Wilson Kipsang and Usain Bolt record holders for Marathon and 100 m
Wilson Kipsang (left) and Usain Bolt (right), record holders for Marathon and 100 m, respectively.

Records in running progression

On  September 29th, 2013 the men’s Marathon word record was broken, with Wilson Kipsang from Kenya finishing the race in 2:03:23. This is roughly a 40% improvement since 1908, when the record was 2:55:18.4 (Johnny Hayes, USA).

Similarly, all running sports have seen dramatic improvements in records. For example, the world record for 100 meters is currently 9.58 seconds (2009, Usain Bolt, Jamaica), compared to 10.6 seconds in 1912 (Donald Lippincott, USA). In women’s Marathon, the record has been brought down to 2:15:25 by Paula Radcliffe (UK, 2003) from 3:40:22 in 1926 (by Violet Piercy, UK).

Are we humans getting faster?

The bigger picture

Disappointedly, the trends are inverted when it comes to non professional athletes, and especially the youth.


In a recent report, Dr. Grant Tomkinson and his team from the University of South Australia’s School of Health Sciences, analysed 50 studies on running fitness between 1964 and 2010, involving more than 25 .000.000 kids aged between 9 and 17, in 28 countries worldwide.

Their study was based on measurements of how far kids could run in a set time, or how long it took to run a set distance. Tests typically lasted 5-15 minutes or covered a half-mile to 2 miles.

It was found, that on average, it takes children 90 seconds longer to run a mile than their counterparts, 30 years ago. Even more so, heart-related fitness has been declining at a rate of about 5% each decade, since 1975.

The results are correlated with obesity and body fat across different countries, and, not surprisingly, the study indicates that “about 30 percent to 60 percent of the declines in endurance running performance can be explained by increases in fat mass”.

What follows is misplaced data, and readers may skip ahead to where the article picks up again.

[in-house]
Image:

Surprisingly, the largest drop in children’s running performance over the years is seen for Africa, despite the hordes of professional running athletes originating from there. Today’s african children are slower by about 23%. The decline in fitness seems to be levelling off in Europe and Australia, and during the last years modestly in North America. The later being however, the second slowest continent (21% decline), according to the study.

Children’s performance has been declining worldwide.

Asia has scored 3rd, with a 17% decline; however, the numbers for China have continuously been getting worse: data from annual fitness tests (China’s education ministry) show that the country’s students are getting slower and fatter. In 2010 male college students ran 1,000 metres 14 to 15 seconds slower than those of a decade earlier. Female students’ performance was worse by about 12 seconds in running 800m.

Is an obsession with academic testing scores for China’s competitive college admissions to blame? Many experts believe so, especially when it is combined with the increasing popularity of indoor alternatives, such as video gaming and web surfing. On the other hand, Japan has never seen a falloff in fitness. It should be noted that 20 million out of the 25 million children in the studies originated from Asia.

Dr. Tomkinson said, and we can only agree, that children need to be more inspired and encouraged to do more vigorous exercise. If the current trends continue, the public health consequences could be dire.


  1. the title is a bit misleading I think, like comparing apples and oranges… but agree the figures for general public and younger generations are very concerning…


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